by Joshua Friedlander
Just the other week, New York cops cleared out hundreds of Occupy Wall Street protesters from Zuccotti Park in Manhattan’s financial district. There was a feeling among the protesters that the movement had come of age, that at last the image of bored hipsters latching onto a cause had been somewhat dispelled. As I write this, there are copycat movements taking place in 82 countries around the world. Coming on the heels of the Arab Spring (in fact, organizers cited the Tahrir Square protests in Egypt as partial inspiration), the movement has highlighted the way in which Twitter is fast becoming the quickest and best way of making things happen.
It’s been less than six years since the microblogging giant began life as yet another optimistic Web 2.0 start-up, with one bright idea and venture capital, sans any sort of business plan. Word now has it that an IPO — anticipated sometime in 2013 — would attract a cool $8 billion. During these six years, the website has undergone several evolutions, shifting from its peripheral position in our culture to being a vital and perhaps the most important form of communication available to the public.
If you’re reading this, you’re probably familiar with the way Twitter works. OK, who are we kidding – you’re probably tweeting this to your followers on your iPhone while playing Words With Friends or G-chatting with your old roommate in Pasadena. The idea is a simple one, seemingly without much depth, or point: reductio ad nihilum. Saying more with less; failing that, just saying less.
But for such a small mouthpiece, Twitter has a very big mouth. The hash-tag ‘#OWS’ was tweeted around 50,000 times per day last month as tens of thousands camped out in protest of corporate greed, political lobbying and the social and economic inequalities. The old media giants were caught off-guard (plus ça change!) as the biggest news story of 2011 broke on the news-feeds of hundreds of average Egyptian citizens. Not since 1989 had we witnessed such a spontaneous outbreak of popular sentiment.
While everybody else was busy using Twitter to change the world, I was captivated by a completely different aspect of it. There is a smorgasbord of underground comedians getting their start through the medium — making it, perhaps, Generation Z’s equivalent of Johnny Carson’s Today Show (the current iteration of which, under Jay Leno’s tired stewardship, has about as much current relevance as Night at the Opera). Some like, Rob Delaney, have broken through exclusively via Twitter, while others have fallen into the medium on the side of successful careers. (Harvard-educated Megan Amram would probably have managed just fine even without the buzz of her more than 120,000 followers.)
For other people, it’s simply the way they get their news — following industry insiders, breaking political scandals, and last-minute baseball trades. Some connect to the celebrities we are otherwise so removed from, basking in the artificial intimacy of knowing Kim Kardashian’s workout schedule. And then there are the social networkers, venting their private thoughts and frustrations to friends who care enough to follow them.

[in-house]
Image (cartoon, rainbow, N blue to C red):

So far, so Tumblr. What is it that makes Twitter more than a fad? Why has it trumped all other media over the past summer? Why has it slashed its way across front pages, complete with harrowing images of proletariat rage?
The answer may lie in how we define communication. In its most primitive form, it is grunts and symbols; all the way down the spectrum it is our body language, the way a girl tilts her head or a child holds his mother’s hand. The actual words can be the least important component: “The medium is the message,” in the famous phrasing of Marshall McLuhan. The Canadian-born researcher — an early visionary of the hyper-reality of the internet society — used the analogy of a light bulb, which lights up a room, thereby creating an environment wherein life takes place. It is an eloquent statement, without any words.
Twitter is the perfect reflection of our hyperspeed world. Attention spans are shorter than ever, eroded first by television and then the internet’s endless and instant availability of music, TV, and news. No one calls any longer when a text would suffice; no one writes letters in to convey a two-line memo. The way that a culture communicates is a reflection of its priorities. The message of Twitter, then, is that we prefer speed of access over all other considerations. Yesterday’s news is already ancient history.
With an estimated three hundred million users, Twitter can no longer be ignored. Once more, the internet generation has shown its defining characteristic as adaptability — constantly finding new ways to communicate, to incubate new ideas, and to organize. Politicians who fail to anticipate this will find themselves left behind, as the power of mass communication promptly reveals the voice of the people.
Joshua Friedlander is a student at Machon Lev in Jerusalem, Israel.